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Schwarzenegger's Power Grab

Reform proposal would hand many key decisions to the governor's appointees.

August 09, 2004|Jody Freeman

The proposal to reorganize state government, unveiled last week, contains some elements that are reasonable and some that aren't. Most disturbing in the plan -- buried deep in the 2,500-page report -- is an agenda to bolster Gov. Arnold Schwarzenegger's grip on power.

As written, the plan would eliminate or convert about 100 of our independent boards and commissions into executive branch departments that report to the governor.

Traditionally, independent agencies are insulated from direct political influence. Appointees serve fixed terms. Unlike members of the Cabinet or heads of executive departments, they do not serve at the governor's pleasure. This means they cannot be fired until their terms expire. And some of them are appointed by the Legislature, which also balances the governor's power. As a result, these members are free to make policy decisions based on facts and experience, regardless of political fallout. Because many boards must hold public hearings, they are often more accessible to the public than executive agencies. And their independence gives them credibility.

If the recommendations made in the California Performance Review are adopted, we can expect to see changes to, as an example, the boards responsible for unemployment insurance and workers' compensation benefit appeals. Those functions would shift to a new Department of Labor and Development, headed by a secretary answering to the governor. Instead of neutral experts with practical experience adjudicating benefits awards, the final decisions about benefits awards, rules and policies would be made by a political appointee.

The plan would also eliminate the state Water Quality Control Board and the nine regional water boards that issue permits locally. These functions would be the responsibility of a new Department of Environmental Protection, under the governor's control.

In general, the California Performance Review reduces opportunities for public input and strengthens top-down control. Our governor already exercises more power when it comes to making laws than the president of the United States. This plan would further empower him by giving him nearly exclusive control over how those laws were implemented. Add his power over lawmaking to the enhanced power he seeks over law implementation and you have executive dominance.

Proposition 140, approved in 1990, weakened the power of legislators by creating term limits; they now have less expertise and influence. Proposition 140 also cut the size and pay of legislative committee staffs, whose job it is to analyze the effects of legislation. Without expert staffs to vet policy proposals, legislators are no match for the well-funded and experienced staff of the governor's office.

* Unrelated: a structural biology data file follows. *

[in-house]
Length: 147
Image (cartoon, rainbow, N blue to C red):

The governor appears to pursue more power at every opportunity. He recently proposed, for instance, that the Legislature revert to part-time status. This would leave even less time for sound analysis of public policy while conveniently weakening one of the chief rivals to gubernatorial power.

The California Constitution does provide some checks. It singles out specific offices, like the lieutenant governor, attorney general and treasurer, for direct election. These officials do not answer to the governor. The Constitution also authorizes the Legislature to appoint independent boards and commissions, which diffuses power. Neither constraint fazes this governor.

Against this background, the CPR's proposals to concentrate gubernatorial power are troubling. Certainly, the CPR contains many good ideas -- yes, we should eliminate agencies like the Integrated Waste Management Board, with cushy patronage appointments that pay members over $90,000 per year for part-time work, and, yes, it is smart to consolidate agencies that duplicate each other's functions, like the Board of Equalization and the Franchise Tax Board. And absolutely, government should make more services, such as driver's license renewals, available online.

But buried amid all these sensible reforms is the hidden agenda to expand the governor's reach. Certainly, there is room for improvement among many independent agencies, but it shouldn't come at the price of surrendering control to the governor. Don't let the innocuous name fool you. This "performance review" is, at least in part, a power grab.

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Jody Freeman is a law professor at UCLA.

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